What is there on the banks of these rivers, Doctor?
Take out your binoculars
And your spectacles
Look if you can.
Five hundred flowers from five hundred different
types of potato
Grow on the terraces
That your eyes don't reach
These five hundred flowers
Are my brain
My flesh. —José Maria Arguedas, Peruvian poet
from "A Call to Certain Academics"
The anthropologist Richard Chase Smith describes indigenous culture
in the Americas as "a tapestry woven from the vicissitudes
of history, place and daily life." In the Andes, where daily
life sometimes seems like it has been stripped to its bare essentials,
that tapestry is far more intricate—and far stronger—than
it may first appear.
Lucia Villa Astucuri and her son in front of the tent
where they stay during the harvest. Villa grows 70 varieties
of potatoes on her plots.
Andean culture is a dense weave of the ancient and modern, the
mystical and scientific. When planting or harvesting, farmers
pay close attention not just to the weather, but also to the moon
and stars. They say prayers to Catholic saints and make offerings
to Pachamama, the earth mother. They consult with wise persons
qualified to read the signs of nature. They listen to visitors:
travelers, aid workers, scientists, pesticide salesmen. They watch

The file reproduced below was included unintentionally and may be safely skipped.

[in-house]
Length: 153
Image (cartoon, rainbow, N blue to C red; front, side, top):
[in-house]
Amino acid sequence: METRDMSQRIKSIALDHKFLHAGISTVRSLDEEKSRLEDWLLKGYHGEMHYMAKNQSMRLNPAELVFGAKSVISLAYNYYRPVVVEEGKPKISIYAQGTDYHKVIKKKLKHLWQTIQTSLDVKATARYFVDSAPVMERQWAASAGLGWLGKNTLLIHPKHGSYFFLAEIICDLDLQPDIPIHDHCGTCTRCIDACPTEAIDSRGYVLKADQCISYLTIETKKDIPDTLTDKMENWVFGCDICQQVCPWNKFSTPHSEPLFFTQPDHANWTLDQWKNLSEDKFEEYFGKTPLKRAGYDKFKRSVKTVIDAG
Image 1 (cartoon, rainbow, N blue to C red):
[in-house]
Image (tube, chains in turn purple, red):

to see what farmers in other communities are doing. And before
they make any major decisions, they meet with their neighbors and
The system is extroardinary both for its complexity and its stability—and
biodiversity is at its heart. Farmers in the Andes grow as many
as 3,000 different kinds of potatoes, and hundreds of types of
other crops. Diversity is not just a source of variety, or testimony
to the staggering range of microclimates and ecological zones—it's
also a proven tool against diseases, pests and other scourges.
Indeed a major reason for the great famine in Ireland in the 19th
century was the fact that farmers there planted only one potato
variety, which offered no resistance to phytophthera infestans,
The Irish disaster remains a powerful metaphor for the dangers
of monoculture, both biological and human.
potatoes on display at a biodiversity fair in Llapai,
Biodiversity and the market
Lately the world has come to appreciate the value of agricultural
biodiversity, as well as of the traditional knowledge of those who
maintain it. Not surprisingly, there has been much talk within development
circles about how to convert those assets into cash. But many farmers
in the Andes are wary. "They fear the possibility of losing
their portfolio of native varieties," explains Peruvian economist
Manuel Glave. "Because they feel—and they know it is
a fact—that the market does not demand 50 varieties. The market
tends to demand a more homogeneous product."
The market can also be fickle. For decades, Andean farmers were
advised to replace their native potatoes with more marketable "improved"
or "modern" varieties, particularly at lower altitudes.
Tens of thousands did as they were told, then watched the prices
fall so low that some years they can't afford to harvest what
But peasant farmers know that standing still is not an option.
Even the most isolated Andean communities are fast becoming incorporated
into the cash economy. How they manage the transition may determine
whether their millennia-old tapestry will be torn to shreds, or
made even more resilient and lovely.